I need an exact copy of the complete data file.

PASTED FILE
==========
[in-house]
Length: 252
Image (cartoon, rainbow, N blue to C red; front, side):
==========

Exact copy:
[in-house]
Length: 252
Image (cartoon, rainbow, N blue to C red; front, side):